The internet has finally been mapped out, and as you can see in all its blurry detail, it winds through Wisconsin. The story here is a little confusing; researchers at the UW claim mapping out the location of the internet will improve security, and promote a more robust infrastructure. Okay, I'll suspend common sense for awhile. You can click on the image to enlarge, but you won't see much....(PNG captured from the actual research paper):
It may not look like much at first glance, but a map created by University of Wisconsin computer science professor Paul Barford and about a dozen colleagues took around four years to produce. He believes it could make the Internet more resilient to accidents, disasters, or intentional attacks.
The map shows the paths taken by the long-distance fiber-optic cables that carry Internet data across the continental U.S. The exact routes of those cables, which belong to major telecommunications companies such as AT&T and Level 3, have not been previously publicly viewable, despite the fact that they are effectively critical public infrastructure, says Barford.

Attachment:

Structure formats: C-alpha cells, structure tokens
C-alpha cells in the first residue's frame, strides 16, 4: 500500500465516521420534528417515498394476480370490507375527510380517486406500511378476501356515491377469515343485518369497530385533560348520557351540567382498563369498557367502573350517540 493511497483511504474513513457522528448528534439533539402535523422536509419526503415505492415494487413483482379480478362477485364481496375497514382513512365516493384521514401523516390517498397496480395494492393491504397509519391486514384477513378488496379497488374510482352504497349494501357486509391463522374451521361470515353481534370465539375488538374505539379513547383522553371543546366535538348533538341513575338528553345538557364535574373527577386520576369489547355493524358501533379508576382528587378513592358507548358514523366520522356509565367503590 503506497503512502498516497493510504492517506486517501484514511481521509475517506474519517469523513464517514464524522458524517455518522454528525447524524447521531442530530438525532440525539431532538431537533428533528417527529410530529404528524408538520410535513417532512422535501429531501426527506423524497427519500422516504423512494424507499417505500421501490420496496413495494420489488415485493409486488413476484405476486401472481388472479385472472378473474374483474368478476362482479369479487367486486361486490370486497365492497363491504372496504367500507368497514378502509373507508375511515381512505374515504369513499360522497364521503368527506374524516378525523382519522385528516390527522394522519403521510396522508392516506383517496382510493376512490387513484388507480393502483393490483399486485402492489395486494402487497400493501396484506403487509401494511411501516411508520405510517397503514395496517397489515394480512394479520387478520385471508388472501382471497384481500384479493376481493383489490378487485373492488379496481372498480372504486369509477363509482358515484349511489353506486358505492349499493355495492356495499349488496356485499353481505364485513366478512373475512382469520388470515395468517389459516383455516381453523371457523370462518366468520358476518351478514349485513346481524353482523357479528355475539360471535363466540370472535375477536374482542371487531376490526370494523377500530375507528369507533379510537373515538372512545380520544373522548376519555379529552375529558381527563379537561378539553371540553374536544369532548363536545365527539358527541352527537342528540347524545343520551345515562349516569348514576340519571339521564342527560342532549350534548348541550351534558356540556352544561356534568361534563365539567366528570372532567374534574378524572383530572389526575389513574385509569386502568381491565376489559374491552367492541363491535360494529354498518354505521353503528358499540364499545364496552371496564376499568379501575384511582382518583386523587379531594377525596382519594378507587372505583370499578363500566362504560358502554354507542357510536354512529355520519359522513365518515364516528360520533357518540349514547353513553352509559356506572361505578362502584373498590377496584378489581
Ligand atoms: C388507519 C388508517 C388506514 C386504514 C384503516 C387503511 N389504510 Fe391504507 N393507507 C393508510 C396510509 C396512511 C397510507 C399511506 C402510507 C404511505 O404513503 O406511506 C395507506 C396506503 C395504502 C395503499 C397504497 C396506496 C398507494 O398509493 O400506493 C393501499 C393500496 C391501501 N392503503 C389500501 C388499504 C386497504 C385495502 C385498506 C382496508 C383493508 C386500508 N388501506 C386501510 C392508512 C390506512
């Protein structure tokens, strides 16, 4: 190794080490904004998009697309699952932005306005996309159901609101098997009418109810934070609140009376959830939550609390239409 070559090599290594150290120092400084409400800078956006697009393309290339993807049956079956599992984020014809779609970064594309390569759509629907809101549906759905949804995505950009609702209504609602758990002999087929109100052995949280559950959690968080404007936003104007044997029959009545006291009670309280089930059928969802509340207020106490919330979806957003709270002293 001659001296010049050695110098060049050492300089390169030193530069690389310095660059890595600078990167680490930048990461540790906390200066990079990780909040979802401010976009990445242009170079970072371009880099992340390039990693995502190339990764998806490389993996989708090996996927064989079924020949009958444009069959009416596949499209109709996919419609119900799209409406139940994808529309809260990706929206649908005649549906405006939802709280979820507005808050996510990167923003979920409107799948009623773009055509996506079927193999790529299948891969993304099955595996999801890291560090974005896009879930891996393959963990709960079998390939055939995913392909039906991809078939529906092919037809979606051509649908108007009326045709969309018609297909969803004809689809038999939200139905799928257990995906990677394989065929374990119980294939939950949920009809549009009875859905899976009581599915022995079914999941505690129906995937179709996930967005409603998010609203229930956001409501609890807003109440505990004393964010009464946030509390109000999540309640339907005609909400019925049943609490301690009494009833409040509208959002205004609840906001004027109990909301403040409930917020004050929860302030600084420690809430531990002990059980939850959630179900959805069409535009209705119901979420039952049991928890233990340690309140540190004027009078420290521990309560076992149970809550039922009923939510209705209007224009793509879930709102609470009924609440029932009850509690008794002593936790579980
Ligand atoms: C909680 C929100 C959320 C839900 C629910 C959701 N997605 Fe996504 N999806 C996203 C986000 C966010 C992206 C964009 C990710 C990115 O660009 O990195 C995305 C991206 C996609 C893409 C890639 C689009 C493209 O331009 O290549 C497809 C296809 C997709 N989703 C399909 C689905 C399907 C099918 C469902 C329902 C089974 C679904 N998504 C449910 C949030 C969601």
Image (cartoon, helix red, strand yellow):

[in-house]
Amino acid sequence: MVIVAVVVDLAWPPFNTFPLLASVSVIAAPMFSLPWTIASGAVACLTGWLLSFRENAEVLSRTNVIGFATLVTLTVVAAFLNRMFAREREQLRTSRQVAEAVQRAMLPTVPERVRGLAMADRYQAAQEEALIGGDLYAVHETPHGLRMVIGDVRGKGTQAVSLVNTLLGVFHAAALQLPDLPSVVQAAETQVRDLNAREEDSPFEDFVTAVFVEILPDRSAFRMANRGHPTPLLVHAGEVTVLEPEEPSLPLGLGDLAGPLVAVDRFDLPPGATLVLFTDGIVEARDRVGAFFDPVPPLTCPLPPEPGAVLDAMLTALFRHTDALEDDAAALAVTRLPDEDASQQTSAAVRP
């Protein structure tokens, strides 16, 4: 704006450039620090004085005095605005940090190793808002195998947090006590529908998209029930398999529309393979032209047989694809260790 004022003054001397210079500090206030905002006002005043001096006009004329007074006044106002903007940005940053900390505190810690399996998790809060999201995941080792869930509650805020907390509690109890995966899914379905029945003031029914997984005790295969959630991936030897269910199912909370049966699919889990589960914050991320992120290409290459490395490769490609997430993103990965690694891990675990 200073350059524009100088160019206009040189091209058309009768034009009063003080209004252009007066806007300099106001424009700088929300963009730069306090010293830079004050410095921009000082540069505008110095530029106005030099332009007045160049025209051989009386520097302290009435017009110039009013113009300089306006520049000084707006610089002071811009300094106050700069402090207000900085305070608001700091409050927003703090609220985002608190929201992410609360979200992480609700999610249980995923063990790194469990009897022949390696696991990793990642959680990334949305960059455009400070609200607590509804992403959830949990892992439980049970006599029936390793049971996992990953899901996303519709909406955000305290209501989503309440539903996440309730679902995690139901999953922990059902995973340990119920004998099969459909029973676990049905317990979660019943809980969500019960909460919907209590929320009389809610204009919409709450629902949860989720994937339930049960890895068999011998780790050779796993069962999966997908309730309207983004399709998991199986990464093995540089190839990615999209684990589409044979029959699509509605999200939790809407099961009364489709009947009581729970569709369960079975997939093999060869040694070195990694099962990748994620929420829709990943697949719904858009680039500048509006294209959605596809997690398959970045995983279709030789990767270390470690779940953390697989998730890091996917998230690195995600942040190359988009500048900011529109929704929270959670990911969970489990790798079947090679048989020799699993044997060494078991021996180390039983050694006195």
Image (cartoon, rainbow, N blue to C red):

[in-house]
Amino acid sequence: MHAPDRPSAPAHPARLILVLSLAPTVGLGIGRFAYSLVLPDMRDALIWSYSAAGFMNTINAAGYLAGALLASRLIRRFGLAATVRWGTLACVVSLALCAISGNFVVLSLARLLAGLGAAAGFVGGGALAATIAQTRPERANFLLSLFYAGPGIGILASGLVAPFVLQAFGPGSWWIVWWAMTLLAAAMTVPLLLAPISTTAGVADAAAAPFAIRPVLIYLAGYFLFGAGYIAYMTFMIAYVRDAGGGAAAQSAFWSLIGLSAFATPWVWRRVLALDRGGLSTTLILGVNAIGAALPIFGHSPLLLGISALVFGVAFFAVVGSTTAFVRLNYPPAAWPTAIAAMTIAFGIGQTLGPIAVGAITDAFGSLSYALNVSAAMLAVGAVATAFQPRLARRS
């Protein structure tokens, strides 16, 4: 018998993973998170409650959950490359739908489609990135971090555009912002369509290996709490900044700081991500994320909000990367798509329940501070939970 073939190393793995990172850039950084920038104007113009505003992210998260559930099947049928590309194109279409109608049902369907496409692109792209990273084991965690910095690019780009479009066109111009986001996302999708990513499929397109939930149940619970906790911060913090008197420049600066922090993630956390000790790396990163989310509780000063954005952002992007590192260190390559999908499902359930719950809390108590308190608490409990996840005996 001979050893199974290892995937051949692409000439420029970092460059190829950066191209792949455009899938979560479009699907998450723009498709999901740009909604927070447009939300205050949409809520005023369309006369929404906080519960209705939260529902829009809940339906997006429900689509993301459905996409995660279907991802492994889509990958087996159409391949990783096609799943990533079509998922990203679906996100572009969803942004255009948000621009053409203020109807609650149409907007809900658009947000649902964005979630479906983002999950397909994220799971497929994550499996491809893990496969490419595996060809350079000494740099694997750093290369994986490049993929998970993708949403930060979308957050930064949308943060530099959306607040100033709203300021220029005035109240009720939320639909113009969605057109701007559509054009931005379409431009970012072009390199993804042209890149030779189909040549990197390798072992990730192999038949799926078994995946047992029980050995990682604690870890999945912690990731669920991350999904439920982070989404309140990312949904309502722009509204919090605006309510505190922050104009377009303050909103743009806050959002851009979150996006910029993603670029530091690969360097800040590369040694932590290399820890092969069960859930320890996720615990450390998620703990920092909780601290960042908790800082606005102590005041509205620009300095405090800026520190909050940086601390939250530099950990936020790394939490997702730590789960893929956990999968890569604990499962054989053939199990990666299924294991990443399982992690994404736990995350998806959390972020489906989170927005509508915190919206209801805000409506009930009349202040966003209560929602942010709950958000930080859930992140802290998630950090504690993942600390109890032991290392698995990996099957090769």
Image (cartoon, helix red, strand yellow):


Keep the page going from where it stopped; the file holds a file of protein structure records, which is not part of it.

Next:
The Department of Homeland Security is making the map and data behind it available through a project called Predict, which offers data relevant to Internet security to government, private, and public researchers. “Our intention is to help improve security by improving knowledge,” says Barford. “I think the map highlights that there are probably many opportunities to make the network more robust.”